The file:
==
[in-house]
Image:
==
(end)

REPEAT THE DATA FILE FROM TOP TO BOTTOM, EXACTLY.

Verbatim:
[in-house]
Image: